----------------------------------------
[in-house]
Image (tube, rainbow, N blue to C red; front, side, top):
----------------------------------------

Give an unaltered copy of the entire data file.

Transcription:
[in-house]
Image (tube, rainbow, N blue to C red; front, side, top):